Five cases of typhoid fever have been confirmed in Kampungu, western Kasai Province in the Democratic Republic of the Congo (DRC), where investigations for Ebola are ongoing, a UN World Health Organization official said.
"We are seeing multiple causes for the reports of illness and death," Gregory Hartl, WHO communications advisor, said on 20 September.
"We are not able to say what proportion is suffering from what disease," he added. "The response is complicated because we are dealing with more than one disease."
Laboratories have been set up in the province for onsite diagnosis with an isolation ward being set up in Kampungu. There are plans to set up more wards in Mweka and Luebo areas.
"So far, we do not have the full epidemiological picture as to how many cases there really are," he said, adding that all cases of Ebola were being isolated in order to halt the spread of the disease.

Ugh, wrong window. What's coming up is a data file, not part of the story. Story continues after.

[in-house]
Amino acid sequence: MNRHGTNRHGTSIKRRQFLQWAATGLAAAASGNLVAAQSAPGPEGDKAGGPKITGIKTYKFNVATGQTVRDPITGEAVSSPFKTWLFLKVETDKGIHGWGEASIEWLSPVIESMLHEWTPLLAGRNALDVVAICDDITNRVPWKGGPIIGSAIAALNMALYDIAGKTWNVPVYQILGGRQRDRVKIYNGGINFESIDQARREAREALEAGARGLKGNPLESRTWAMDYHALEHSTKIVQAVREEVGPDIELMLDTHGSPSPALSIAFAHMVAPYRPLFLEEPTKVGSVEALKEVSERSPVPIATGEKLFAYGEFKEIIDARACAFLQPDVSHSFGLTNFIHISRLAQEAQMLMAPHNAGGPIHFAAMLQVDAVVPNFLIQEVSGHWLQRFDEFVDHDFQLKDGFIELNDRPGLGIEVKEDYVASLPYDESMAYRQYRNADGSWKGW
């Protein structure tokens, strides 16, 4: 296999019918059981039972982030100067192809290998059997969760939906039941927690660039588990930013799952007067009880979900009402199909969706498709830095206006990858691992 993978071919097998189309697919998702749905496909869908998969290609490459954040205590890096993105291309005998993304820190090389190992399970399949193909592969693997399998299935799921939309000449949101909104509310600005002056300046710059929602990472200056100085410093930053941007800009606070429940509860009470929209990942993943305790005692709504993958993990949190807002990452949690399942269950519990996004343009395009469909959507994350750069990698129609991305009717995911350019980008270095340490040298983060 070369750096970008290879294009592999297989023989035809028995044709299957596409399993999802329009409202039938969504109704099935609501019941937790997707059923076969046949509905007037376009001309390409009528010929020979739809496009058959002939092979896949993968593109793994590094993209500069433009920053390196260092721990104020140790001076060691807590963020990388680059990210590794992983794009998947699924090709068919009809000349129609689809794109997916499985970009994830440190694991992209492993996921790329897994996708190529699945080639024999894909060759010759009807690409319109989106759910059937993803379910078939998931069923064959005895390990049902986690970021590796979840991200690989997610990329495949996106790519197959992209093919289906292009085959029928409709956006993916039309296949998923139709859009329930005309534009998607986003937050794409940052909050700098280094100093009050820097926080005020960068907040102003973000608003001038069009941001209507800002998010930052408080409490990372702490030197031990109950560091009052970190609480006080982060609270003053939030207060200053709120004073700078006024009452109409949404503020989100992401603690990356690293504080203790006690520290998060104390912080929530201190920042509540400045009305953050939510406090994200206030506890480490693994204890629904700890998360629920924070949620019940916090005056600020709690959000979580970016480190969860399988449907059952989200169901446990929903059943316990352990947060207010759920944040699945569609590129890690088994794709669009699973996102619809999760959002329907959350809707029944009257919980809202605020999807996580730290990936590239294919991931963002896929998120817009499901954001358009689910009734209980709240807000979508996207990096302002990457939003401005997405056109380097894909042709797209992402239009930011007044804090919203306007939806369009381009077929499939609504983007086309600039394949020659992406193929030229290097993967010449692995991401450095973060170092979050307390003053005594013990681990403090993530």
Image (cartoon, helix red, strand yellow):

According to the WHO, figures released by various sources mention 375 cases and 167 deaths in western Kasai Province, but the causes cannot be confirmed yet. Only one case of Shigella, and less than 10 of Ebola, have been confirmed.
According to Hartl, the risk of Ebola spreading to neighbouring countries was relatively low.
On 19 September, the Tanzanian health authorities sent out a warning of Ebola haemorrhagic fever to people living in regions neighbouring the DRC.
"All regional medical officers have been instructed to keep on alert because people from eastern parts of DRC enter into Tanzania," Wilson Mukama, Permanent Secretary in the Ministry of Health and Social Welfare, said.
Approximately 1,850 cases, with over 1,200 deaths, have been documented since the Ebola virus was first identified in the western equatorial province of Sudan, and in a nearby region of DRC in 1976, after significant epidemics in Yambuku, northern DRC and Nzara in southern Sudan.